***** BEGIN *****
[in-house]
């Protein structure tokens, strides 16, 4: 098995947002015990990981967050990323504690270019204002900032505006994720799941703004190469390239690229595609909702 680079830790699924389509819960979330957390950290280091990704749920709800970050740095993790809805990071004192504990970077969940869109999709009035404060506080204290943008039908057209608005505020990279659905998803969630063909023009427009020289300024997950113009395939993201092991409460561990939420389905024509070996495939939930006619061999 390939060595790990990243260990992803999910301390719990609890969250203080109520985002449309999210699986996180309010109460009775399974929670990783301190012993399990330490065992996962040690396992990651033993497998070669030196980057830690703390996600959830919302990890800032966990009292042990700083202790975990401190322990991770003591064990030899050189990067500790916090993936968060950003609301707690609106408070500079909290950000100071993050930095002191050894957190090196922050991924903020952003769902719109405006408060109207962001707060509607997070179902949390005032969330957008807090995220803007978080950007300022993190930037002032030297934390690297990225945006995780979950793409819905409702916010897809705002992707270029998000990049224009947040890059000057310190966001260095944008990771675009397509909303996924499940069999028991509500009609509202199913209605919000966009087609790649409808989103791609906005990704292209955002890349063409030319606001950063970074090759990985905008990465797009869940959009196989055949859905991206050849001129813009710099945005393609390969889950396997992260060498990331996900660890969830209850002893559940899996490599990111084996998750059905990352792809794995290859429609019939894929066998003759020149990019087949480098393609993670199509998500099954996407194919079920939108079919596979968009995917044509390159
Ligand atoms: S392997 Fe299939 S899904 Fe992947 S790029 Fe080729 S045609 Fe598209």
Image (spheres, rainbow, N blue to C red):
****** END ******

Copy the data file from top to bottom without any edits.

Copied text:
[in-house]
């Protein structure tokens, strides 16, 4: 098995947002015990990981967050990323504690270019204002900032505006994720799941703004190469390239690229595609909702 680079830790699924389509819960979330957390950290280091990704749920709800970050740095993790809805990071004192504990970077969940869109999709009035404060506080204290943008039908057209608005505020990279659905998803969630063909023009427009020289300024997950113009395939993201092991409460561990939420389905024509070996495939939930006619061999 390939060595790990990243260990992803999910301390719990609890969250203080109520985002449309999210699986996180309010109460009775399974929670990783301190012993399990330490065992996962040690396992990651033993497998070669030196980057830690703390996600959830919302990890800032966990009292042990700083202790975990401190322990991770003591064990030899050189990067500790916090993936968060950003609301707690609106408070500079909290950000100071993050930095002191050894957190090196922050991924903020952003769902719109405006408060109207962001707060509607997070179902949390005032969330957008807090995220803007978080950007300022993190930037002032030297934390690297990225945006995780979950793409819905409702916010897809705002992707270029998000990049224009947040890059000057310190966001260095944008990771675009397509909303996924499940069999028991509500009609509202199913209605919000966009087609790649409808989103791609906005990704292209955002890349063409030319606001950063970074090759990985905008990465797009869940959009196989055949859905991206050849001129813009710099945005393609390969889950396997992260060498990331996900660890969830209850002893559940899996490599990111084996998750059905990352792809794995290859429609019939894929066998003759020149990019087949480098393609993670199509998500099954996407194919079920939108079919596979968009995917044509390159
Ligand atoms: S392997 Fe299939 S899904 Fe992947 S790029 Fe080729 S045609 Fe598209």
Image (spheres, rainbow, N blue to C red):